They’re known as “painted ladies”—San Francisco’s famed Victorian residences. Beginning in the mid-1800s, European architecture became something of a craze in the city, with offshoots including Italianate, Gothic and Tudor revival, and Queen Anne styles. Fortunately, you don’t have to be a history buff to appreciate the delicacy, quirkiness, and undeniable charm of the Bay City’s grand old dames.
San Francisco is known for its Victorian revival homes, including this Italianate-style townhouse. The distinguishing features? Look for telltale roof brackets, bay windows, and brightly decorated exteriors—like a bright red door paired with blue stairs. Inside, serenity reigns, with watery colors (perfect for Bayside living), tons of natural light (thanks to those bay windows), and velvety furnishings.
Gothic architecture, with its ornate windows, pointed arches, and peaked rooflines, was reborn during the Victorian era of the mid-1800s. You can still see Gothic done on an intimate scale in some of San Francisco’s most desirable homes, like this olive-hued residence. While the facade is dark, the interior is not. Floor-to-ceiling timber-paned windows create a dazzling play of light across the sunroom, where modern furniture blends seamlessly with antiques.
With its gingerbread trim, peaked roof, and multiple arches, this elegant home is the epitome of San Francisco’s Queen Anne revival. Named for an eighteenth century English monarch, this delicate style often features turrets and balconies. Walk inside, and you’ll be forgiven for dropping your jaw. The ceilings are adorned with detailed scrollwork, offset with warm, wooden doors and window trim. Modern art makes the whole look sing.
Related: The Queen Anne House
Embrace the Curves
Bowed windows have a charm all their own. A popular feature of Victorian homes, gently curving windows and walls create a billowy, organic feel. This San Francisco home is the perfect example of bowed windows done to best effect, both outside and in. Framed by neutral curtains, the windows themselves form the centerpiece of the living room, replacing the need for any other adornment.
Even if the facade is Victorian, the interior may be surprisingly modern. Case in point: this single-family home, built aslant on one of San Francisco’s famously steep hills. Traditional outside, the stark white interior is the picture of contemporary elegance, with a built-in fireplace, recessed lighting, and modern Art Deco furniture. For an extra striking look, the windows are bare, without blinds or curtains.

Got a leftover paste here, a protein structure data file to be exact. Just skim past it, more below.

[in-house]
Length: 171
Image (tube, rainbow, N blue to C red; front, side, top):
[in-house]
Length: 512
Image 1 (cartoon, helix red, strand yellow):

Don’t ask how much this three-story Victorian unit costs. It’s likely to be a pretty penny given San Francisco’s high real estate prices. With three stories, this renovated historic home boasts black-paned windows, which gives the exterior a sharp, contemporary profile. But it’s the interior features that provide a beautiful backdrop to simple, bold furnishings—like a monochromatic fireplace paired with red chairs.
One feature of Victorian homes is their penchant for pastels. Rather than fighting the soft hues, this massive townhouse amps up their dreamy quality to good effect. The exterior is painted bold lavender—even the trim. A refreshing palate cleanser comes within, in the form of pale lemon walls, teal armchairs, and original (unpainted) hardwood floors.
Ghosts Not Included
No, it’s not a haunted house. But this purpley-gray home could be mistaken for something out of The Addams Family. Which is why it’s being totally refurbished, lightening the interiors to draw attention to the arched windows, statement molding, and original hardwood floors. Because of their long, narrow rooms, homes like this are sometimes called “shotgun Victorians.”
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